Today, I stand before you, the author of a beautiful book … that almost didn’t happen.
One bewildering night, last September, I realized: I might have to call the whole thing off.
In that heartbreaking moment, the entire project flashed before my eyes. The months of work my team and I had poured into the manuscript. The years I’d dreamt of being an author. My book, my reputation, my methodology, my life’s work. It was all on the line. And I had a HUGE decision to make.
Every journey has its beauty and its challenges. Its easeful parts and its tough spots.
My book-writing journey had many beautiful, graceful parts: brilliant ah-ha moments with my co-writer, the fairy-tale story of my publisher, Parallax Press, reaching out to me, and that incredible moment when I first held the book in my hands.
But there were also tough parts. And last September, I found myself smack-dab in the middle of the Great Big Hard Part of the journey.
Let me set the scene.
By last September, my co-writer, Angela Raines, and I had spent six months writing the book’s manuscript. That’s a lot of time (and money) to invest in a project — but in terms of birthing a book, it’s a breakneck speed. Somehow, we had done it: met every single deadline along the way, and arrived at the end with a massive, 120,000 word manuscript.
We cried. We drank champagne together over Skype. And then … we waited.
For the next few weeks, our manuscript would live with our editor, who (we thought) would respond with suggestions for polishing and trimming it down. We were all eager to hear our editor’s experienced ideas about how to make our book even better.
I loved our editor. She was the maven who’d first introduced me to my publisher: because she believed in my work and knew I’d be a great fit. I knew I was in good hands: she saw me and grokked my unique voice, vision, and work. Even though she asked us not to send along a single chapter along the way (she wanted to wait for the full vision), I trusted her expertise.
A month after that champagne party when we sent her our manuscript, we got our response from the editor. We dove into it like children opening a long-awaited birthday present.
I turned page after page … horrified.
She hadn’t just made suggestions or stylistic edits. She had ripped the soul out of my book. She had demolished my three-phase methodology (honed over 15 years of this work) and moved it around in a way that made it far less effective. She had deleted essential elements from my process, and requested I add in others that were totally misaligned with my teachings. She had drained the warmth and playfulness from my voice. She had cut our 120,000 words down to 70,000 — but more tragically, had cut the heart right out of it.
When my husband, Forest, read it, he said: “It’s like she Frankensteined it. She ripped the leg off and shoved it into the belly; tore off an arm and put it where the head should be. It’s not even the same book.” Yes, that sounds awfully dramatic — but it’s exactly how we all felt.
Our editor had turned my warm, memoir-style book into something that sounded like any of a dozen other mainstream financial management books. Now, there are some good financial management books out there. But I didn’t think the world needed another one — especially from me. I wanted to share my own methodology and voice in this book. And suddenly, the editor had drained our manuscript of my unique style and concepts.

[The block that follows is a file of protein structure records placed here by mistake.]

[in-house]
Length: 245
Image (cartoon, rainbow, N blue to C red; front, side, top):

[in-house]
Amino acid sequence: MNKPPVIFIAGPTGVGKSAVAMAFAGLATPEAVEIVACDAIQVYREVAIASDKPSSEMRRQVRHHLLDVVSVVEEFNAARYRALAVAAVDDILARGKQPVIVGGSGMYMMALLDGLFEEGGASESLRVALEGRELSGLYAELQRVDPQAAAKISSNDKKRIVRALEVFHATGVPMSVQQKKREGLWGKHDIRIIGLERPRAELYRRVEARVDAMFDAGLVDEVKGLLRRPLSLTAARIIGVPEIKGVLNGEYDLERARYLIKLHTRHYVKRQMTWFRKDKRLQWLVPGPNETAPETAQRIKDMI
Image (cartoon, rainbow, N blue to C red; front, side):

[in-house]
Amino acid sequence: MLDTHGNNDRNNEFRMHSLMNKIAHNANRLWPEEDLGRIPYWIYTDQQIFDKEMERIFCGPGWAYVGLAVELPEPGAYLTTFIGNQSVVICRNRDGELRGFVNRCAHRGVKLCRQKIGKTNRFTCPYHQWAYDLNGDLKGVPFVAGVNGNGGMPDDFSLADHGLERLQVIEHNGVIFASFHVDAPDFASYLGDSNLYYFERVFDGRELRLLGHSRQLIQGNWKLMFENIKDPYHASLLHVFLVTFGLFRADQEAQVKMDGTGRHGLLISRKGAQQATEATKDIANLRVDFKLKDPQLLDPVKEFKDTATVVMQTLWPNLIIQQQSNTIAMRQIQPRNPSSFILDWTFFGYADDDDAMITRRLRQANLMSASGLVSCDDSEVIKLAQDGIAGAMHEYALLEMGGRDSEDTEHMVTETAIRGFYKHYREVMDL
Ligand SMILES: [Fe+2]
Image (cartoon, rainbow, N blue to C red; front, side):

It was cold. Masculine. Boring. Like Dave Ramsey with lipstick.
My whole team was bewildered, heartbroken, and shocked. None of us could stomach the idea of working through this new, dismantled/destroyed manuscript. We missed the warmth and clarity of our original manuscript, and wanted to throw this Frankensteined version into a fire and never look at it again.
I went into an emotional tailspin, a million thoughts a minute:
- How could she have missed the mark, missed my voice, missed my life’s work, so completely?
- Had she even read the detailed book proposal we sent her, the 70+ articles on my site, and all the teaching materials I’d given her access to?
- Had I hallucinated that feeling of connection with her? Maybe she never understood what me and my work are about?
- Is this a normal level of editing, and I just don’t know this because I’m new to it?
- Am I supposed to simply acquiesce to this, since I have the great fortune of being published by a publisher?!
- Is there any planet upon which this is a better book? (NO.)
- Am I overreacting here, or being a diva? Or is this really as horrendous as I think?
And, the most important question of all:
What on earth am I going to do, now?
I knew I had to decide just what I was willing to compromise on and what was non-negotiable. For this book. For my life’s work. For me and for all the people across the world that it could serve.
I found myself in a fiery rite of passage, which had everything to do with knowing and claiming my value.
Would I crumble, get submissive, and accept this Frankensteined book my publisher wanted?
Would I lash out in anger and grief, and burn an incredibly important bridge?
Would I fight for what I knew, deep in my bones, based on decades of experience, was right?
Would I simply walk away?
Suddenly, it hit me: I had been here, before.
I’ve told the story of my huge business “failure,” when I tried to work with SoundsTrue, many years ago. I was all set to do an 11-CD audio teaching for them. But once I stepped into the isolation of the studio, nothing came alive. I failed. Both parties stepped away from the contract.
In the years since, I milked this “failure” for all it was worth. I realized: I hadn’t known how to set myself up to succeed in this process. I hadn’t yet learned what I needed to create the best content: I should have asked for a group of students to be with me, in the studio, so I could interact with them and teach directly to them. It took a long time for me to recover from the shame of this “failure” and realize what a blessing it was: it had shown me what I was great at (relational, interactive teaching) and what I sucked at (teaching in isolation).
I emerged from this wreckage with more clarity and conviction about who I am, what my work is, and how I work best. My business and teaching model grew in leaps and bounds, after this “failure,” as did my sense of who I am, who I’m not, and what my value is.
This “failure” at SoundsTrue was one of a series of moments in my life where I revolutionized my relationship to power. It’s been a long, challenging road for me to learn to claim my power and claim my voice. Learning to claim my value has been my great, big, nut to crack. My main money koan.
I know life will keep bringing me opportunities to work with this value riddle — like that moment I saw the edited manuscript. It’s still hard. But, thankfully, I can rely on the years of inner work I’ve done, and tools I’ve gathered to support me.
How I deal with a crisis of value
- Name what’s happening, if only to yourself. This is surprisingly helpful. “I’m having a hard time knowing how to claim my value, here,” or, “I’m scared that I may have to walk away.”